John Mugabi

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John Mugabi
Real name John Mugabi
Nickname(s) The Beast
Rated at Light-Middleweight
Height 5'10
Nationality Uganda Ugandan
Born (1960-03-04) March 4, 1960 (age 55)
Kampala, Uganda
Stance Orthodox
Boxing record
Total fights 50
Wins 42
Wins by KO 39
Losses 7
Draws 1
No contests 0
Olympic medal record
Men's Boxing
Silver medal – second place 1980 Moscow Welterweight

John "The Beast" Mugabi (born March 4, 1960) is a Ugandan former boxer and world junior middleweight champion. He was part of an exceptionally talented early 1980s' junior middleweight and middleweight division era that included Marvin Hagler, Sugar Ray Leonard, Thomas Hearns, Wilfred Benítez, Davey Moore, and Roberto Durán - a time which many boxing fans rank as one of the most exciting ever in those weight classes.

Mugabi was born in Kampala, Uganda, where he started to box. He won a silver medal at the 1980 Summer Olympics in Moscow.

Professional career[edit]

Soon afterwards he started as a professional on December 5, 1980 by knocking out Oemer Karadenis in round one in Kampala. Soon after that win, Mugabi moved to London where he became acquainted with boxing promoter Mickey Duff, an expert in boxer marketing who landed Mugabi various fights in England and built his reputation there.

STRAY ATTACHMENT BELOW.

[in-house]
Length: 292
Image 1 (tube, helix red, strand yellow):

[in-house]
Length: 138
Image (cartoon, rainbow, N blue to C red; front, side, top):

Mugabi won eight fights in Europe and then moved to the United States, setting up residence in Florida. Over time he became a favorite of American TV networks, scoring sensational knockouts of contenders such as Curtis Ramsey, Gary Guiden, former world champion Eddie Gazo, Curtis Parker, Frank The Animal Fletcher, Nino Gonzalez and Earl Hargrove. Because of his ability to fight both at junior middleweight and middleweight, fans began to talk of the possibility of him challenging either world light middleweight champion Hearns or world middleweight champion Hagler. Despite Mugabi being a mandatory contender for some time, a Hearns - Mugabi title match never materialised, as Hearns elected to move to Middleweight to challenge Marvelous Marvin Hagler.

On his way to becoming the number one contender for the middleweight title of each of the three major sanctioning bodies (WBA, WBC, and IBF),[1] Mugabi ran roughshod over the division and finished each of his opponents inside the distance. Considering his streak and Hagler's tough battle with Hearns on April 15, 1985, some felt Mugabi had a shot at doing what eleven men before him could not: wresting Hagler's undisputed world middleweight title from him.

The fight between Hagler and Mugabi was set for November 14 of 1985. Due to injury, however, Hagler postponed the fight for four months.

The fight finally came up on March 10 of 1986, and it was the first fight televised by Showtime. Mugabi landed his share of blows to Hagler's head during the early rounds. The turning point came in the sixth round, when Hagler landed many heavy blows and staggered Mugabi. Mugabi fought back gamely but his early knockout wins left him ill-prepared for a long, tough fight. In the end it was Hagler who came out the victor, with a knockout in the eleventh round. Many boxing fans consider this to have been the toughest contest of Hagler's career. Sugar Ray Leonard's decision to come out of retirement and challenge Hagler for the Middleweight Championship was heavily influenced by Hagler's performance in the Mugabi fight.